Luckily, it was merely a fainting spell, not a heart attack or stroke.
On both occasions, fainting fits ensued in foreign ministries across the continent.
We will seek out our fainting couches if the president dares forget the first name of one of his sacred interrogators.
Despite a spate of fainting in the U.K., the film still managed to stay atop the box office.
As the president neared the end of his remarks, a young woman beside him began to wobble, on the verge of fainting.
The women were all screaming, wailing, weeping and fainting.
He took Soubise, who was almost in a fainting condition, from his friend.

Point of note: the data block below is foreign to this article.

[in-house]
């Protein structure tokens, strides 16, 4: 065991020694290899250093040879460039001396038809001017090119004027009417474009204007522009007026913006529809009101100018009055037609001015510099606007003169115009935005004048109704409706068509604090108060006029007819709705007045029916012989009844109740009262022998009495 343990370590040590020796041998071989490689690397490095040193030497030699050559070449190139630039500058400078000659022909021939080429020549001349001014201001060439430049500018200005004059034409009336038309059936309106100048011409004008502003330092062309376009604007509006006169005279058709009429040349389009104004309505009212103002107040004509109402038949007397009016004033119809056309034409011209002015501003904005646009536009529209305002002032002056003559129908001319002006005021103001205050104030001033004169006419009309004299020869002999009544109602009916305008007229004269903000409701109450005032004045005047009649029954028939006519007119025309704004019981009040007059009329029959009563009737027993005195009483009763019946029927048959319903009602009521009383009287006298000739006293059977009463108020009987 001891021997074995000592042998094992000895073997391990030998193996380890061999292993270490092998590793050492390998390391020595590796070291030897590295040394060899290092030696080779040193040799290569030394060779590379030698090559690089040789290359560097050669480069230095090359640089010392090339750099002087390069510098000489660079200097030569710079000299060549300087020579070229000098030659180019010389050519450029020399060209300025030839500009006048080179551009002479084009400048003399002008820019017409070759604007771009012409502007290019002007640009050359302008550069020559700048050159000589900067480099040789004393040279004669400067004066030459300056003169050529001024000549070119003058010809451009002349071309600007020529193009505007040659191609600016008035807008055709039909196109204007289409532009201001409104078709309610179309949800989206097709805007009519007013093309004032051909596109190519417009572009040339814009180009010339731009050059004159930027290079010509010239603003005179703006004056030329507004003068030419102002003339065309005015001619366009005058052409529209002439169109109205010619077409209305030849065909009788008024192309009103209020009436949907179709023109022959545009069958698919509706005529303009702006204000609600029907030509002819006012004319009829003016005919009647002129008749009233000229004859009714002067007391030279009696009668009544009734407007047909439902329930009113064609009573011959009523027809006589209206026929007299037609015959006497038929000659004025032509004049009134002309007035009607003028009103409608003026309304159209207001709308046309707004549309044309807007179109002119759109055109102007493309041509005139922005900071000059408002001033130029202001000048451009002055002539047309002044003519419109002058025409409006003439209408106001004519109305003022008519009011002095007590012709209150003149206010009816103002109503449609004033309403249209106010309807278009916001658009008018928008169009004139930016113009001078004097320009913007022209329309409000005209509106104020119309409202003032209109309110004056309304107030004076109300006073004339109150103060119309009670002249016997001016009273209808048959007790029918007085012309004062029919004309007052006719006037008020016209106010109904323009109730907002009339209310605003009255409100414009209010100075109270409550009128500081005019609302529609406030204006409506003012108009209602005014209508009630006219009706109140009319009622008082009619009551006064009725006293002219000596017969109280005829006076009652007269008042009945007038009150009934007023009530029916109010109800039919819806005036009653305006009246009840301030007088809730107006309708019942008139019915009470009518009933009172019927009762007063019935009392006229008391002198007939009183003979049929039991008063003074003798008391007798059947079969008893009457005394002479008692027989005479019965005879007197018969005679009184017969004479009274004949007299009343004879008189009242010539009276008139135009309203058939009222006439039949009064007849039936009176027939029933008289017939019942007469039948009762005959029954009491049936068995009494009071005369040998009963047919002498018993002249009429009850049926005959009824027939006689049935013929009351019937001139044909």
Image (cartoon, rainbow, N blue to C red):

She threw herself in his arms, fainting; but after a moment she recovered.
Dora is not fainting—if you would only let her alone, she would do well.
It hardly reassured them to hear that it was only a fainting fit.
c.1300, "wanting in courage," now mostly in faint-hearted (mid-15c.), from Old French feint "soft, weak, sluggish," past participle of feindre "hesitate, falter, be indolent, show weakness, avoid one's duty by pretending" (see feign). Sense of "weak, feeble" is early 14c. Meaning "producing a feeble impression upon the senses" is from 1650s.
"grow weak" (c.1300); "lose heart" (mid-14c.); see faint (adj.). Sense of "swoon" is c.1400. Related: Fainted; fainting.
An abrupt, usually brief loss of consciousness; an attack of syncope. adj.
Extremely weak; threatened with syncope.